More middle school business lesson plans for how to start a business (all free):

  • Federal Reserve Bank's Jay Starts a Business (Grades 3-6; comes with teacher's manual with lesson plans)
  • Free Kid Business Plan Templates
  • Biz Kid’s Crash Course on Entrepreneurship for Middle School
  • EverFI’s Venture Entrepreneurial Expedition (for grades 7-10).
  • Small Business Administration’s Young Entrepreneurs course
  • Foundation for Economic Education’s Booms and Busts , What is Entrepreneurship? , What is the Entrepreneur’s Role in Creating Value? , etc. (students can earn a Certificate of Achievement)
  • TeenBusiness’s Entrepreneur Lesson Videos series
  • Parade of Entrepreneurs Lesson Plan
  • Lemonade Stand Worksheets , and my best Lemonade Stand Ideas
Psst: Try holding a market day in your class. Here are 22 things for kids to make and sell , 17 boy crafts to sell , and help pricing their products in this market day lesson plan .

Teaching Entrepreneurship to High School Students – Free Entrepreneurship Curriculum

There are some great curriculum and materials out there for teaching entrepreneurship in high school, many of which include entrepreneur worksheets for students.

Psst: you also might want to check out these 5 business books for teens , and 11 business games for students .

1. Alison’s Entrepreneurial Skills Path

Who It’s For : Business students, and people interested in learning about creating a business

Financial Aid : Free

Length of Program : 6 lessons, each between 1 and 3 hours

Alison is a free, online platform with tons of courses, and one of the paths you can go down is an entrepreneurial skills one.

Teachers of the courses include venture capitalists, professors at Harvard, and professional entrepreneurs.

Lessons include:

  • Characteristics of the Successful Entrepreneur
  • Critical Skills for Entrepreneurs
  • Creating an Entrepreneur’s Checklist for Success
  • Entrepreneurship – Creating the Business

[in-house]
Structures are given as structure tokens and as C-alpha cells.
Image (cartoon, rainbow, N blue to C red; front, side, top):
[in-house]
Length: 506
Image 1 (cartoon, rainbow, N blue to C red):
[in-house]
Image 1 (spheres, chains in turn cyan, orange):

• Key Elements of Entrepreneurial Success
  • Why Entrepreneurs Should Think Big

2. Youth Entrepreneurs

Who It’s For : Students

Financial Aid : Schools pay for this program, with the cost based on how many students get free and reduced lunches

Length of Program : 1 year

With this program, students first focus on economics, then they focus on starting their own businesses.

3. Diamond Challenge Business Curriculum

Who It’s For : Kids and teens

Length of Program : 14 modules

Looking for a video business curriculum with instructional guides? The Diamond Challenge’s program covers the following:

  • What is Entrepreneurship?
  • Opportunity Recognition
  • Opportunity Screening
  • Types of Businesses
  • Building a Business like a Scientist
  • Using a Business Model Canvas

They also offer a Social Curriculum track that’s 6 video modules long, including:

  • What is Social Entrepreneurship?
  • Wicked Problems and Grand Challenges
  • Social Entrepreneurship Processes and Challenges

4. INCubateredu

Who It’s For : 10th and 12th graders

Financial Aid : Free (at schools where it’s available)

Length of Program : 1 year (followed by acceleratoredu for the 2nd year)

Through Uncharted Learning’s program, 10 th to 12 th graders develop their own business, pitch their idea ta a shark-tank style event, and even have a chance at receiving funding.

5. JA BE Entrepreneurial®

Who It’s For : Grades 9-12

Financial Aid : Free for students

Length of Program : 7, 45-minute sessions

Location : Anywhere

Through your child’s school, they can take Junior Achievement’s Entrepreneurial program. The course teaches students how to create a business plan, plus how to start a venture.

Lessons covered include:

  • What’s My Business?
  • Who’s My Customer?
  • What’s My Advantage?
  • Competitive Advantages
  • Ethics are Good for Business
  • The Business Plan

6. JA Company Program Blended Model

Length of Program : 13 classes (2 hours/class), or as a 1-year program with 26 classes (1 hour/class)

Location : Anywhere (online course)

This is an online program that teaches high schoolers how to solve a problem/fill a need in their community through entrepreneurship.

  • Start a Business
  • Vet the Venture
  • Create a Structure
  • Launch the Business!
  • Run the Business

7. The Mint's Be Your Own Boss

Who It’s For : Teens

Length of Program : 3 lessons

Starting with the Be Your Own Boss Challenge , The Mint takes your teen through the following three lesson:

  • Planning Your Business
  • Money & Your Business
  • The Law & Your Business

8. Wharton High School's Entrepreneurship

Who It’s For : High School students

Length of Program : 50+ lesson plans

These lesson plans go through the following:

  • Entrepreneurs and Entrepreneurial Opportunities
  • Global Markets
  • Business Plans

9. YE$ Youth Entrepreneurship

Who It's for : high school students

Cost : Free

Location : Anywhere (it's a PDF)

Here's a free PDF with tons of entrepreneur lesson plans and research done for educators, that is meant to go along with a 4-H program. You'll find some nuggets in here, plus, it's free!

Now let’s take a look at entrepreneurial projects that can teach your kids and teens all about starting a business with hands-on experiences.

10. Build a Business Plan

Who It's For : Middle School and High School

Location : Anywhere (online)